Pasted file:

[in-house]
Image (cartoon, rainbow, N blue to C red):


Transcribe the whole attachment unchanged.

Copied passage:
[in-house]
Image (cartoon, rainbow, N blue to C red):